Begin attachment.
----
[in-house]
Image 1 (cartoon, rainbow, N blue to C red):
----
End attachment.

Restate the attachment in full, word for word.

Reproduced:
[in-house]
Image 1 (cartoon, rainbow, N blue to C red):